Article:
Eucalyptus cypellocarpa

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Mountain Grey Gum
Eucalyptus cypellocarpa Deua.jpg
Monkey Gum, Deua National Park, Australia
Scientific classification
Kingdom: Plantae
(unranked): Angiosperms
(unranked): Eudicots
(unranked): Rosids
Order: Myrtales
Family: Myrtaceae
Genus: Eucalyptus
Species: E. cypellocarpa
Binomial name
Eucalyptus cypellocarpa

Mountain Grey Gum (Eucalyptus cypellocarpa) also known as the Mountain Gum, Monkey Gum or Spotted Mountain Grey Gum, is a straight, smooth barked forest tree. Often seen around 20 to 40 metres tall. But in moist protected gullies it may reach heights in excess of 60 metres tall.


Eucalyptus cypellocarpa was described by the Australian botanist Lawrie Johnston in 1962.[1]


This Eucalyptus is a small to a very tall tree. It has smooth bark with large unusually shaped sheets flaking off. Colours are anywhere from yellow to golden brown, to grey or white. This tree also has some of the longest leaves of this genus, up to 35 cm with a slight sickle shape. Flower buds are white and are shaped much like a cylinder with a cone-shaped tip. Fruit are barrel-shaped 1 cm long by 0.9 cm diameter, with a sunken disk.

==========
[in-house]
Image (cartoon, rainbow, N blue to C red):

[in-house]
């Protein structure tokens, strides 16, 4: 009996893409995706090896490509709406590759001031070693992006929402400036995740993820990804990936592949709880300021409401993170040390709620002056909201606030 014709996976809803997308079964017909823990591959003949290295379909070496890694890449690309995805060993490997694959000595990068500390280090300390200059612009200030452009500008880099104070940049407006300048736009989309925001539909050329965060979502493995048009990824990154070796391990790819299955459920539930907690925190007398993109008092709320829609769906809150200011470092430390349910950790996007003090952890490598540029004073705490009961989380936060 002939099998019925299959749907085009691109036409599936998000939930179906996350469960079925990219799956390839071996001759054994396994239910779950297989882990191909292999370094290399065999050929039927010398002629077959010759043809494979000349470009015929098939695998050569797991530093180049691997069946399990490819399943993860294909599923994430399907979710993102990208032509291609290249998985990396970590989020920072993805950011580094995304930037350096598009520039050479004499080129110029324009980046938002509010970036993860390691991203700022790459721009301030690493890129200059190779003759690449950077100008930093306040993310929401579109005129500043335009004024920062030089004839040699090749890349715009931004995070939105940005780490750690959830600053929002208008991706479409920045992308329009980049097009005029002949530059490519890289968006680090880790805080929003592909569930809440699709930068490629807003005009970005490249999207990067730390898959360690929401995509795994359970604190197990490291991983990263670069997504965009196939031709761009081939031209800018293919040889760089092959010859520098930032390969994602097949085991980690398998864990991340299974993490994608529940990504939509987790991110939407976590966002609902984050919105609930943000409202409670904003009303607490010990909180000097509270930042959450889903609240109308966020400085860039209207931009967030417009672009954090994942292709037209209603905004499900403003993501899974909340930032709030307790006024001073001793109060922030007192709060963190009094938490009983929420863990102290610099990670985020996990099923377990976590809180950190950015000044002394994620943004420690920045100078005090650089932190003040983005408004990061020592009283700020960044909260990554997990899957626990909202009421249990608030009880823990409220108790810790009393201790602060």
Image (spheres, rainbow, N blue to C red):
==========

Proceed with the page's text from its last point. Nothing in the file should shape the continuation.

Distribution and habitat[edit]

Mountain Gum tends to grow in wet sclerophyll forest, in gullies and on mid-altitude hillsides. From 30.25 to 39 degrees south, Mountain Gum grows from near sea level altitudes to 1200 m and grows in cool to warm, humid to sub-humid environments. Temperature distribution from -2°C to 31°C with an annual rainfall of 700 to 1300 mm.


  1. ^ "Eucalyptus cypellocarpa L.A.S.Johnson". Australian Plant Name Index (APNI), IBIS database. Centre for Plant Biodiversity Research, Australian Government. 
  • Eucalyptus cypellocarpa L.A.S. Johnson, Contrib. New South Wales Nat. Herb. 3(3): 114 (1962).